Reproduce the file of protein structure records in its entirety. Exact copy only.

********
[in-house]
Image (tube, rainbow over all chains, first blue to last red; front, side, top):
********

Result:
[in-house]
Image (tube, rainbow over all chains, first blue to last red; front, side, top):